Thanks for a great podcast. I know my grandfather served in the Pacific and was very tight lipped about what he saw and did. I appreciate hearing about these brave men and how they served.

7 Lance April 23, 2013 at 4:21 pm

I sure am glad for those who sacrifice so much for others!

8 STW April 23, 2013 at 4:43 pm

My dad spent much of the war in the Pacific with the USMC. These were his comrades if not in fact then in spirit.

9 ZZ April 23, 2013 at 6:07 pm

The depiction of Japan in this interview as a barbaric “pre-modern” society that doesn’t comprehend compassion is unnecessarily racist. First, I don’t see how a pre-modern society can build airplanes and battleships. Second, rather than just pinning all acts of cruelty on blind devotion to the emperor, one could look at the full range of cultural differences between Asia and North America, such as a group-centered culture rather than individualistic culture and a society that values tenacity over comfort.

10 Dan April 23, 2013 at 7:06 pm

This was the first podcast I tuned into. I think these ideals really go along with the thoughts on your website. The author talked about how boys were shedding youth in the face of adversity to defend their country. Despite inhumane conditions they fought and then came back as men, not returning to the youth they left behind, even though by today’s standards they would be of an age to.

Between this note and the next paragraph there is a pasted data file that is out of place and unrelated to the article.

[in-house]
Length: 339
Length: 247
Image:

11 Jim April 23, 2013 at 9:30 pm

I’m 24 years old and have recently begun to critically examine what is to be male and how to define masculinity. These past 9 months or so have been quite a torrent of reading and thinking, formulating my thoughts and where I stand. After recently watching the video of Brett McKay talking about the “Menaissance”, he essentially summarized everything I had been thinking and angry about. He gave a voice to the frustrations that I have been feeling concerning the representation of and expectations for men in society. A voice for what I feel is a suppression of masculinity in favor of a dumbed-down, profitable and disrespectful representation of Man.

In essence, this website has been a god-send. The blog and podcast have been incredibly enlightening for my understanding of masculinity and the role of men in a modern, feminist (detrimentally?) society. My childhood was not blessed with the wisdom of older males in the form of grandfathers (especially such courageous ones), so this episode in particular was enriching and I am eager to reading the book .